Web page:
Indigenous versus Lessepsian Hosts: Nervous Necrosis Virus (NNV) in Eastern Mediterranean Sea Fish
Viruses 2020, 12(4), 430; https://doi.org/10.3390/v12040430 - 10 Apr 2020
Abstract
Viruses are among the most abundant and diverse biological components in the marine environment. In finfish, viruses are key drivers of host diversity and population dynamics, and therefore, their effect on the marine environment is far-reaching. Viral encephalopathy and retinopathy (VER) is a [...] Read more.
Viruses are among the most abundant and diverse biological components in the marine environment. In finfish, viruses are key drivers of host diversity and population dynamics, and therefore, their effect on the marine environment is far-reaching. Viral encephalopathy and retinopathy (VER) is a disease caused by the marine nervous necrosis virus (NNV), which is recognized as one of the main infectious threats for marine aquaculture worldwide. For over 140 years, the Suez Canal has acted as a conduit for the invasion of Red Sea marine species into the Mediterranean Sea. In 2016–2017, we evaluated the prevalence of NNV in two indigenous Mediterranean species, the round sardinella (Sardinella aurita) and the white steenbras (Lithognathus mormyrus) versus two Lessepsian species, the Randall’s threadfin bream (Nemipterus randalli) and the Lessepsian lizardfish (Saurida lessepsianus). A molecular method was used to detect NNV in all four fish species tested. In N. randalli, a relatively newly established invasive species in the Mediterranean Sea, the prevalence was significantly higher than in both indigenous species. In S. lessepsianus, prevalence varied considerably between years. While the factors that influence the effective establishment of invasive species are poorly understood, we suggest that the susceptibility of a given invasive fish species to locally acquired viral pathogens such as NVV may be important, in terms of both its successful establishment in its newly adopted environment and its role as a reservoir ‘host’ in the new area. Full article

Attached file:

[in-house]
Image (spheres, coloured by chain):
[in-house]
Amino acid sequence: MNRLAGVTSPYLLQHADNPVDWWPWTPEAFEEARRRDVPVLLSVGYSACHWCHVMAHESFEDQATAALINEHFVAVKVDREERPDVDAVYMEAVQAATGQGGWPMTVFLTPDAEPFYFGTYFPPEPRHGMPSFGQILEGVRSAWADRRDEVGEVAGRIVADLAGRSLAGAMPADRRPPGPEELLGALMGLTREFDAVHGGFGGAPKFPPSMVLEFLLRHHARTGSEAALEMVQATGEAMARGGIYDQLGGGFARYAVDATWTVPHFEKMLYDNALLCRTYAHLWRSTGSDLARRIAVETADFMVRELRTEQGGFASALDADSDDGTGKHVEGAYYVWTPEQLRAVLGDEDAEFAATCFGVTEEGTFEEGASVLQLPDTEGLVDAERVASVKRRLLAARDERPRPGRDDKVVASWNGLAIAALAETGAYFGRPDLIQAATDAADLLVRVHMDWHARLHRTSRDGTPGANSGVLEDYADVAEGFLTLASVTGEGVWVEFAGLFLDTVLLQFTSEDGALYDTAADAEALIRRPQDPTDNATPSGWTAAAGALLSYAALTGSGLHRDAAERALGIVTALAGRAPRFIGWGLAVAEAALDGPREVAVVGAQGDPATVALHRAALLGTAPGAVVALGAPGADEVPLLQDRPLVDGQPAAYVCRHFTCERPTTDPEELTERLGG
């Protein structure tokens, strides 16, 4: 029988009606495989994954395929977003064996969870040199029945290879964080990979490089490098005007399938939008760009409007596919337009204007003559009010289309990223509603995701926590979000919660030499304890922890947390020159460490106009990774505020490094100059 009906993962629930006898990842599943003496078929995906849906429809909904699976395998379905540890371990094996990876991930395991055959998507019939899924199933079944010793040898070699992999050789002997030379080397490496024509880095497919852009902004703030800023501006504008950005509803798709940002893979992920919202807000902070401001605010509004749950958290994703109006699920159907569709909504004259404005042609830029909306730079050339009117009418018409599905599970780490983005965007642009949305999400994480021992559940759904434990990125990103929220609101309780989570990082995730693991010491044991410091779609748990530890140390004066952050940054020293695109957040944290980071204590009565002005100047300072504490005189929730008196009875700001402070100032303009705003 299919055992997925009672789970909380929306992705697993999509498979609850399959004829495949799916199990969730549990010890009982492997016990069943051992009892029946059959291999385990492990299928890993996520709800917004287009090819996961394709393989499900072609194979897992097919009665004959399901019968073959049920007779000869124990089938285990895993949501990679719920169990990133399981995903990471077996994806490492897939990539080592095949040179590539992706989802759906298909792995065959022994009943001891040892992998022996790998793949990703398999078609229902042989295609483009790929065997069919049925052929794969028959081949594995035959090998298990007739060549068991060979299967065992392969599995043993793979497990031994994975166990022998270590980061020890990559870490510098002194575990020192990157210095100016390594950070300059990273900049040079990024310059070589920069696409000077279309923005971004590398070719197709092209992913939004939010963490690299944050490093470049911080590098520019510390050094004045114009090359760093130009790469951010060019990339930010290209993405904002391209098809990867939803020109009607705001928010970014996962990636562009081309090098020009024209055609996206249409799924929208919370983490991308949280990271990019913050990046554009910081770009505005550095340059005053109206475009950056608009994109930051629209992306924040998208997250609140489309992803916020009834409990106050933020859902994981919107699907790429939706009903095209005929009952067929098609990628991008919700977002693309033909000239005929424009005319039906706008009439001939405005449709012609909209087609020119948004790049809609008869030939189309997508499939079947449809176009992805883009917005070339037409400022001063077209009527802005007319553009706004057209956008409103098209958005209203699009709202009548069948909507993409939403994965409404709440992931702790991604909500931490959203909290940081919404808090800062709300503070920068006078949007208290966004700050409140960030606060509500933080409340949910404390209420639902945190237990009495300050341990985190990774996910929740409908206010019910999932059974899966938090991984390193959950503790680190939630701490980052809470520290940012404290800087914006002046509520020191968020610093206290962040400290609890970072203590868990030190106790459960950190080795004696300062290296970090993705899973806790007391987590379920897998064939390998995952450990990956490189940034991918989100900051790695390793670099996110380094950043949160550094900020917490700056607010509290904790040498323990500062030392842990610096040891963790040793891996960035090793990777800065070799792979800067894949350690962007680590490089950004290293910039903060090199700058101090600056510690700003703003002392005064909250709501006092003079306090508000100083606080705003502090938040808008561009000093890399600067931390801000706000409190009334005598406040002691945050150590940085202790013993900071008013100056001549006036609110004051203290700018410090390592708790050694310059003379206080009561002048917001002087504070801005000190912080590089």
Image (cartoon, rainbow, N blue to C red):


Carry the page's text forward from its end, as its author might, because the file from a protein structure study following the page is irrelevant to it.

(This article belongs to the Special Issue Viruses of Aquatic Ecosystems)
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Open AccessArticle
Diversity and Host Interactions among Virulent and Temperate Baltic Sea Flavobacterium Phages
Viruses 2020, 12(2), 158; https://doi.org/10.3390/v12020158 - 30 Jan 2020
Abstract
Viruses in aquatic environments play a key role in microbial population dynamics and nutrient cycling. In particular, bacteria of the phylum Bacteriodetes are known to participate in recycling algal blooms. Studies of phage–host interactions involving this phylum are hence important to understand the [...] Read more.
Viruses in aquatic environments play a key role in microbial population dynamics and nutrient cycling. In particular, bacteria of the phylum Bacteriodetes are known to participate in recycling algal blooms. Studies of phage–host interactions involving this phylum are hence important to understand the processes shaping bacterial and viral communities in the ocean as well as nutrient cycling. In this study, we isolated and sequenced three strains of flavobacteria—LMO6, LMO9, LMO8—and 38 virulent phages infecting them. These phages represent 15 species, occupying three novel genera. Additionally, one temperate phage was induced from LMO6 and was found to be competent at infecting LMO9. Functions could be predicted for a limited number of phage genes, mainly representing roles in DNA replication and virus particle formation. No metabolic genes were detected. While the phages isolated on LMO8 could infect all three bacterial strains, the LMO6 and LMO9 phages could not infect LMO8. Of the phages isolated on LMO9, several showed a host-derived reduced efficiency of plating on LMO6, potentially due to differences in DNA methyltransferase genes. Overall, these phage–host systems contribute novel genetic information to our sequence databases and present valuable tools for the study of both virulent and temperate phages. Full article
(This article belongs to the Special Issue Viruses of Aquatic Ecosystems)